As the snow melts and the weather warms up, you and your kids are probably itching to get outside. While the backyard and the neighborhood parks are fun, they lose their novelty soon enough. National Park Week, which takes place during the last week of April, is the answer to your kids’ pleas of “I’m bored!”
During this week, you can visit any of the approximately 400 national parks in the United States and enjoy free admission and special events. Because the event encompasses two weekends, you can visit several parks even if your child’s school vacation does not fall during the week of April April 15-16 and 22-23. Although we will be looking into some of the events being held at various national parks over the coming days and weeks, here are a few highlights that might appeal to you, depending on where you live (or plan to visit):
- To kick off the celebration, find out which day is Volunteer Day at the parks. This is a day when the parks recruit volunteers to help out all year long. Some opportunities might include answering questions at the information desk; giving nature walks or guiding campfires; helping to maintain the grounds by fixing fences, painting buildings and preserving the trails, and much more. Families can often volunteer together; children need signed permission forms. Show up at one of the parks on that day for more information, or call your local park to learn more about how you can help.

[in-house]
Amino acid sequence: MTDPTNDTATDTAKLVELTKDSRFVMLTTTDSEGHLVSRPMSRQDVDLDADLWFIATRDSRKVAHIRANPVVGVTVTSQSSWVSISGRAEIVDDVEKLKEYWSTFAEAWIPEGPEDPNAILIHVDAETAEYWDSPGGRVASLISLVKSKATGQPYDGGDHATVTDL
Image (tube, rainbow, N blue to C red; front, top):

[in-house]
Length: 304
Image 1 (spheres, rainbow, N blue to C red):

- The last day, is National Junior Ranger Day. On this day, kids can sign up to be junior park rangers, and will learn about preserving the parks; learn about the various aspects of nature, art, science or history presented by the park; learn how to explore the park at their own paces; and find out how to get the chance to earn certifications, badges and patches. Many parks have special hands-on activities for the kids to do in order to jumpstart their junior ranger program. Contact the park you plan to visit to be sure that it is participating in this program.
- Aside from the special events planned for this week, you can take advantage of the various nature walks, birding skills events, bicycle tours, photography opportunities and other programs that normally take place on the day of the week that you plan to visit.
To find out which events are taking place at the national parks closest to you (or to your vacation destination), you can visit the U.S. National Park Service website, or you can call the parks individually.
Do you plan on visiting a park during National Park Week? Which one(s)?